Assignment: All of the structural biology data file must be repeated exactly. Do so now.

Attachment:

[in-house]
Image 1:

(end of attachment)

[in-house]
Image 1: